This was a no-brainer. Phoenix had won virtually everything leading up to the Oscars, and his only serious competition – Taron Egerton for “Rocketman” – wasn’t even nominated. Phoenix thus had a clear path open to him, and he made the most of it, taking home his first statue after four nominations.

Best Actress


The Field:  Cynthia Erivo, “Harriett”; Scarlett Johansson, “Marriage Story”; Saoirse Ronan, “Little Women”; Charlize Theron, “Bombshell”; Renée Zellweger, “Judy”

Projected Winner:  Renée Zellweger, “Judy”

Actual Winner:  Renée Zellweger, “Judy”

Result:  Correct call

This was another no-brainer, since Zellweger had been the front runner even before awards season began. She swept all of the major competitions and deservedly so. This was a good choice, the right performer for the right performance.

Best Supporting Actor


The Field:  Tom Hanks, “A Beautiful Day in the Neighborhood”; Anthony Hopkins, “The Two Popes”; Al Pacino, “The Irishman”; Joe Pesci, “The Irishman”; Brad Pitt, “Once Upon a Time…in Hollywood”

Projected Winner:  Brad Pitt, “Once Upon a Time…in Hollywood”

Actual Winner:  Brad Pitt, “Once Upon a Time…in Hollywood”

Result:  Correct call

Like the performances in the lead categories, this was another clear-cut winner, though it still boggles my mind how. Pitt swept all of the competitions throughout awards season, so there was no reason why the Oscars should have been any different. I still would have preferred another winner here (any of the other four would do, though Tom Hanks was my favorite), but sometimes the logic of Academy voters escapes me – as it clearly did here.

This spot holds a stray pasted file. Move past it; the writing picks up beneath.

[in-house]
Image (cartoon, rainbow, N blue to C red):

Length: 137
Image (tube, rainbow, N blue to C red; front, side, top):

Best Supporting Actress


The Field:  Kathy Bates, “Richard Jewell”; Laura Dern, “Marriage Story”; Scarlett Johansson, “Jojo Rabbit”; Florence Pugh, “Little Women”; Margot Robbie, “Bombshell”

Projected Winner:  Laura Dern, “Marriage Story”

Actual Winner:  Laura Dern, “Marriage Story”

Result:  Correct call

Do we see a pattern here with the acting categories? This was another category that was not difficult to predict, given that Dern had won virtually every other competition (except the National Board of Review) leading up to the Oscars. Again, this award was hers to lose, and it was yet another example of the right performer winning for the right performance.

Best Director


The Field:  Martin Scorsese, “The Irishman”; Todd Phillips, “Joker”; Sam Mendes, “1917”; Quentin Tarantino, “Once Upon a Time…in Hollywood”; Bong Joon Ho, “Parasite” (“Gisaengchung”)

Projected Winner:  Quentin Tarantino, “Once Upon a Time…in Hollywood”

Actual Winner:  Bong Joon Ho, “Parasite” (“Gisaengchung”)

Result:  Missed call (sort of)

Like the basis of the 1948 erroneous newspaper headline “Dewey defeats Truman,” my prediction here (as with best picture) was based on outdated information. My prognostication of there being a split in the winners for best picture and director (with the spoils going to “1917” and “Once Upon a Time…in Hollywood,” respectively) was based on information from early on in awards season. However, as noted in my foregoing discussion about best picture, “Parasite” came on strong in recent weeks, not only in the top category but also for best director, enabling it to take both prizes and wiping out the split I projected.

Again, “Parasite” was my preferred choice in this category, despite the fact that I didn’t see it happening, so I’ll take another of those half credits I spoke about earlier.

Oscar® and Academy Award® are registered trademarks of the Academy of Motion Picture Arts & Sciences.

Reviews of some of the winners and nominees are available at the following links:


“A Beautiful Day in the Neighborhood”



“Jojo Rabbit”



“Marriage Story”


“The Two Popes”

Copyright © 2020, by Brent Marchant. All rights reserved.